Ways to Incorporate Vertical Space

(Photo provided by Fort Collins Nursery)

Alex Tisthammer | Fort Collins Nursery

 

Perhaps you are a gardener with a small yard or a collector who is a little plant crazy, but regardless, you know that space is valuable and you want to use it to the best of its advantage. Taking advantage of vertical space is a wonderful way to help utilize areas practically as well as make your garden look attractive and visually interesting. 

First things first, figure out what you want to use as your support. A chain-link fence is perfect for supporting a large vine for privacy screening. Engelmann Ivy or Trumpet Vine are ideal for this and one plant can cover ample space. Engelmann Ivy has lovely fall color and the bees adore the small flowers, while Trumpet Vine has a large red, orange, or yellow flowers the hummingbirds enjoy. If you don’t have a fence that the tendrils can twirl around, you can build support or buy a trellis to go along a fence or anywhere that you would like a vertical screen. If you have an entrance that you would like to spruce up, use an arch or arbor. They can make any pathway or garden entrance look enchanting. Wisteria and hops vines that have dangling flowers and fruit will make it even more magical. 

(Photo provided by Fort Collins Nursery)

If you’ve ever grown cucumber, squash or pumpkins you know these monstrous plants can take up a lot of space. Using vertical supports can save space and can solve some common problems at the same time. Training the plants to grow vertically increases air movement and exposes the leaves to more sunshine. This increases yields and helps combat diseases and pests. Harvesting is a breeze when the fruit is at eye level and you can see it clearly. This can help you avoid the common monster squash, that one you didn’t see and now it’s the size of a small child! Cucumbers, cantaloupes and other muskmelons, peas, pole beans, certain squashes, and even tomatoes are all crops you can grow vertically. Cattle fencing is cheap and a great support for your vegetable garden. Attach it to the back of raised beds or bend it into an arch to create a tunnel between beds.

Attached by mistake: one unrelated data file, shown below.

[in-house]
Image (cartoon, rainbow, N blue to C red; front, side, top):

(Photo provided by Fort Collins Nursery)

Want a fruit tree but don’t have the space for it? If you have a fence or wall that gets a good amount of sun, an espalier is a perfect solution! Espaliered trees have been pruned so that their branches run horizontally to grow along a flat surface. Espaliered apple trees are very common and are often grafted to have multiple varieties on one plant so they can all cross-pollinate. While you can espalier a tree yourself it takes years to form. Buying one that is already properly pruned from a local garden center is a faster option. 

Vertical space is an underutilized aspect of gardening, but when used correctly it can make a huge difference. Whether you’re creating a private personal getaway, creating a welcoming and visually interesting walkways, or maximizing your household food production, you can transform your yard and garden by growing up this year! 

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